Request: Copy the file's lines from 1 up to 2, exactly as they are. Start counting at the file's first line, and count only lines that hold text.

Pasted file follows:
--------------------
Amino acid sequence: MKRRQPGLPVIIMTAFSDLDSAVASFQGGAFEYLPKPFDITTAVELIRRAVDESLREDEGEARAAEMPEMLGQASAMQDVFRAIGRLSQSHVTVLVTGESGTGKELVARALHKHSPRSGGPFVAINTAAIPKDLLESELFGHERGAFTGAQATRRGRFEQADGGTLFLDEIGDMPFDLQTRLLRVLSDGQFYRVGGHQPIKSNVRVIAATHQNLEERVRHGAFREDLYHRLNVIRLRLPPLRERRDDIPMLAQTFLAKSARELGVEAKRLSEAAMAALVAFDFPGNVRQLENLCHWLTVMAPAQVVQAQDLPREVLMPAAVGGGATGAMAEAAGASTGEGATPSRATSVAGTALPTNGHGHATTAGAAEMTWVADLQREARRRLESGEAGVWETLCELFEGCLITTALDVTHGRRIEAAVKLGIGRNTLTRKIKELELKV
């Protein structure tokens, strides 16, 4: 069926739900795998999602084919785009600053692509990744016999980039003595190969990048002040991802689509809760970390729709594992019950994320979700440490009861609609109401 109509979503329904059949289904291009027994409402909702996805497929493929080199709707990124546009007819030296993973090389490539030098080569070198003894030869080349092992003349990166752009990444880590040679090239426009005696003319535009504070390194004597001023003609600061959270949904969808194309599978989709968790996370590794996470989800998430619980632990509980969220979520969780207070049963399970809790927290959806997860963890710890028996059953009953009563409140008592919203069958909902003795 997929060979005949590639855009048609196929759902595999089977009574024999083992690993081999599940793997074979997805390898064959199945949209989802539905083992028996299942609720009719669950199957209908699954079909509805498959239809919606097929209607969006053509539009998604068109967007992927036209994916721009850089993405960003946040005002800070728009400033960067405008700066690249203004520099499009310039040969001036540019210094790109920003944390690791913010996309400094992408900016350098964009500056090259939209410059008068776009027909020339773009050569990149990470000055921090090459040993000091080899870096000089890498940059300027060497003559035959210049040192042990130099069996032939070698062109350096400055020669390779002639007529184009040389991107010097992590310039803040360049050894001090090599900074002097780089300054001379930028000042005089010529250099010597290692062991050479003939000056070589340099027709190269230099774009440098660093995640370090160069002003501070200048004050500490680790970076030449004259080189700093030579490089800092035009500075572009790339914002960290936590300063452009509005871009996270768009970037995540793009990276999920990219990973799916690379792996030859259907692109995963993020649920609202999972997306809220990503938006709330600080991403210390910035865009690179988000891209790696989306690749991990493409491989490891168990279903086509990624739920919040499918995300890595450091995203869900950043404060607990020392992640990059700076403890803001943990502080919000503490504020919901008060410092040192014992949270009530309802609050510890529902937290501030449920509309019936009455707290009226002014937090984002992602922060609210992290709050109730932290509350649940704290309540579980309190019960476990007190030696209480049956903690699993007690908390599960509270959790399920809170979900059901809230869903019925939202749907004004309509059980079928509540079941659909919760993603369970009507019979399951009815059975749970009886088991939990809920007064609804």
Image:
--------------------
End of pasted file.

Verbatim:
Amino acid sequence: MKRRQPGLPVIIMTAFSDLDSAVASFQGGAFEYLPKPFDITTAVELIRRAVDESLREDEGEARAAEMPEMLGQASAMQDVFRAIGRLSQSHVTVLVTGESGTGKELVARALHKHSPRSGGPFVAINTAAIPKDLLESELFGHERGAFTGAQATRRGRFEQADGGTLFLDEIGDMPFDLQTRLLRVLSDGQFYRVGGHQPIKSNVRVIAATHQNLEERVRHGAFREDLYHRLNVIRLRLPPLRERRDDIPMLAQTFLAKSARELGVEAKRLSEAAMAALVAFDFPGNVRQLENLCHWLTVMAPAQVVQAQDLPREVLMPAAVGGGATGAMAEAAGASTGEGATPSRATSVAGTALPTNGHGHATTAGAAEMTWVADLQREARRRLESGEAGVWETLCELFEGCLITTALDVTHGRRIEAAVKLGIGRNTLTRKIKELELKV
């Protein structure tokens, strides 16, 4: 069926739900795998999602084919785009600053692509990744016999980039003595190969990048002040991802689509809760970390729709594992019950994320979700440490009861609609109401 109509979503329904059949289904291009027994409402909702996805497929493929080199709707990124546009007819030296993973090389490539030098080569070198003894030869080349092992003349990166752009990444880590040679090239426009005696003319535009504070390194004597001023003609600061959270949904969808194309599978989709968790996370590794996470989800998430619980632990509980969220979520969780207070049963399970809790927290959806997860963890710890028996059953009953009563409140008592919203069958909902003795 997929060979005949590639855009048609196929759902595999089977009574024999083992690993081999599940793997074979997805390898064959199945949209989802539905083992028996299942609720009719669950199957209908699954079909509805498959239809919606097929209607969006053509539009998604068109967007992927036209994916721009850089993405960003946040005002800070728009400033960067405008700066690249203004520099499009310039040969001036540019210094790109920003944390690791913010996309400094992408900016350098964009500056090259939209410059008068776009027909020339773009050569990149990470000055921090090459040993000091080899870096000089890498940059300027060497003559035959210049040192042990130099069996032939070698062109350096400055020669390779002639007529184009040389991107010097992590310039803040360049050894001090090599900074002097780089300054001379930028000042005089010529250099010597290692062991050479003939000056070589340099027709190269230099774009440098660093995640370090160069002003501070200048004050500490680790970076030449004259080189700093030579490089800092035009500075572009790339914002960290936590300063452009509005871009996270768009970037995540793009990276999920990219990973799916690379792996030859259907692109995963993020649920609202999972997306809220990503938006709330600080991403210390910035865009690179988000891209790696989306690749991990493409491989490891168990279903086509990624739920919040499918995300890595450091995203869900950043404060607990020392992640990059700076403890803001943990502080919000503490504020919901008060410092040192014992949270009530309802609050510890529902937290501030449920509309019936009455707290009226002014937090984002992602922060609210992290709050109730932290509350649940704290309540579980309190019960476990007190030696209480049956903690699993007690908390599960509270959790399920809170979900059901809230869903019925939202749907004004309509059980079928509540079941659909919760993603369970009507019979399951009815059975749970009886088991939990809920007064609804």